VIVID AUDIO
VIVID AUDIO
B1 DECADE
LOUDSPEAKERS
VERY LITTLE SEPARATES THE
B1 FROM THE ‘B1 DECADE’
VISUALLY – THE BAFFLE
RECESS PROVIDES A SUBTLE
CLUE. BUT THE MAJOR
DIFFERENCES LIE IN
THE TECH WITHIN...
038
Reviewer Edgar Kramer
S
ome say that the finest
artistic creations, the purest
objets d’ art, are those that
reflect nature’s paradox
of chaos and order in
combination. Vivid Audio’s
Laurence Dickie might
concur – he has expressed
aspects of this philosophy
in his speaker designs for
Vivid Audio which aim to harness organic form
to serve sonic function. In part inspired by
Dickie’s own iconic ‘snail’ Nautilus loudspeaker
from his days at Bowers & Wilkins, Vivid’s GIYA
speakers seem almost alive, organism-like in
form, while the smaller OVAL series speakers
retain the curves, the inspiration from nature,
but in somewhat more conventional form.
Some years back this writer was impressed
by the original OVAL B1, and the team on our
sister publication Sound+Image bestowed upon
it a Highly Commended award in a field hot
with outstanding designs. Since then I have
also spent enjoyable time in the process of
formally reviewing the GIYA G3 (Judge’s Choice
Sound+Image Award in 2014) and more recently
the G4. Now, ten years on since the original B1
039
VIVID AUDIO B1 DECADE
LOUDSPEAKERS
design, Vivid Audio has released a ‘Limited
Edition’ B1 featuring the ‘Decade’ designation, in a
genuinely limited production run of just 200 units
globally, four of which will be available here in
Australia, two each in gloss red and black.
SPECIFICATIONS
VIVID AUDIO B1 DECADE
CONFIGURATION:
3½-way vented cabinet
CABINET MATERIAL:
Balsa-cored ‘quadraxial’ glass
composite sandwich
DRIVE UNITS:
D26 26mm metal-dome unit
with tapered tube loading,
D50 50mm metal-dome unit
with tapered tube loading,
C125d 2 × 125mm alloyconed unit (coupled) with
new topology rare-earth
magnet design
SENSITIVITY: 89dB
@ 2.83Vrms, 1m
NOMINAL IMPEDANCE:
4 ohms
FREQUENCY RANGE:
34Hz-36,000Hz ±6dB;
38Hz-33,000Hz ±2dB
HARMONIC DISTORTION
(2ND & 3RD): < 0.5% over
frequency range
CROSSOVER FREQUENCIES: 130, 900, 3500Hz
POWER HANDLING
(MUSIC PROGRAM):
300 watts RMS
DIMENSIONS (HWD,
CABINET): 1095 × 265 ×
375mm; base depth 420mm
NET WEIGHT: 36kg
PRICE: $32,000
WARRANTY: Five years
CONTACT: Avation on
07 5580 3300
www.avation.com.au
040
TIME TRAVEL
The B1 and the Decade (B1D) version look
very similar. Place them side-by-side and the
differences are subtle — tweeter and midrange
driver protective mesh grilles replaces the B1’s
cross bars, while the redesigned front baffle is
now in a shallow recess aimed, presumably, at
improving dispersion characteristics. Under the
surface, however, there are improvements in the
driver magnet systems, and refinements in the
crossover implementation, as Laurence Dickie
explains in our interview on page 42.
The 3.5-way B1D is quoted as having
a frequency range spanning from 34Hz to
36kHz at -6dB points, which seems more than
respectable for what is effectively a medium
sized standmount speaker (even if its stand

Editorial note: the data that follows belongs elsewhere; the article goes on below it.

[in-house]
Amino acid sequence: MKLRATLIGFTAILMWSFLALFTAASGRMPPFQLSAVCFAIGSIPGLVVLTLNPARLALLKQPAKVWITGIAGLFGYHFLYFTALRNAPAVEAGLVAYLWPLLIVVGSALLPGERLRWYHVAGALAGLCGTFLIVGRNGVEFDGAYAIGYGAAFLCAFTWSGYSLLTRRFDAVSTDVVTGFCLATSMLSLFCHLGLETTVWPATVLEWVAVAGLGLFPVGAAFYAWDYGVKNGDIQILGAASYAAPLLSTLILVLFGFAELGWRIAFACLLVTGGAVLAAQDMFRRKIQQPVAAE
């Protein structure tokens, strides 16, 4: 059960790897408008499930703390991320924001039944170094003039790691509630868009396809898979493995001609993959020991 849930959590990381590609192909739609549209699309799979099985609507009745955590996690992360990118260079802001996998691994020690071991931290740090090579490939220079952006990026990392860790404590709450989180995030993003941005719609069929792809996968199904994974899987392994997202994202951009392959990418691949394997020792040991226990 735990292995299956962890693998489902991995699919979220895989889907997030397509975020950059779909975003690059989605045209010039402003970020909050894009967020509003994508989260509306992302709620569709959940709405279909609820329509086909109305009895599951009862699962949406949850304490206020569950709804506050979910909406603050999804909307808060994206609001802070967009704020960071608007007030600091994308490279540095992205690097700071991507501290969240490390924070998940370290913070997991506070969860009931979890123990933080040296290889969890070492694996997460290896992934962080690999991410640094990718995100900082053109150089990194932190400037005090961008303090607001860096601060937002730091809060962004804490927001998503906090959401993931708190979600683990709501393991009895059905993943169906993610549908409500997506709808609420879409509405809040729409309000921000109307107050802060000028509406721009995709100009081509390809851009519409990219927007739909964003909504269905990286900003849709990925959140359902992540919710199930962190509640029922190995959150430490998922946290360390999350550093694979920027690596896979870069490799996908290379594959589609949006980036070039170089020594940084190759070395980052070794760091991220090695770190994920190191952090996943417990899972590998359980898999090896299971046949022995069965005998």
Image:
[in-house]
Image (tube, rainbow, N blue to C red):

is inseparable as part of the structure). The
impedance specification reads a nominal 4 ohms
while 89dB offers good efficiency.
The driver configuration is a standard TMW
with the company’s own D26 26mm aluminiumdome tweeter and D50 50mm aluminium-dome
midrange, both loaded by Dickie’s signature
tapered tube strategy. The new C125 driver with
its massive reengineered motor system sits below.
But the B1D is tricked out; it features an added
125mm aluminium cone placed on the rear baffle
which should provide further bass heft while
retaining the mid-sized form factor. This is not a
new idea – we have fond memories of hearing
Sonus faber’s Extrema with its somewhat similar
arrangement – but it’s not used as much as it
might be… perhaps due to the added crossover
and cabinet construction complexity, all adding
costs for something which is visually hidden.
Vivid Audio goes to great length to construct
non-resonant high strength cabinets, and the
company has been using a vacuum-induced
‘Balsa-cored quadraxial glass composite sandwich’
and other composite formula enclosures in all
its designs. Here in the B1D, we have a new
enclosure derived from the flagship GIYA series,
while the integral stand consists of a ‘fibre-loaded
polymer complex’ composite. The cabinet is
finished in a high-quality gloss automotive
paint (available in the aforementioned red and
black) with our resplendent gloss red review
sample looking splendiferous. Vivid persists with
an inconvenient binding post location, within
a bottom indent in the pedestal’s base which
makes it very difficult to use spade connectors
even at the spikes’ highest settings. If you’d like to
keep a full head of hair – should you have one to
start with – use banana connectors at the speaker
end of your cables.
SONICS
The B1Ds are delivered in large timber crates (one
per speaker) which provide excellent protection
against the clumsiest of couriers. Even the accessories box is timber; this contains the high-quality
spiking system and the short bi-wiring connector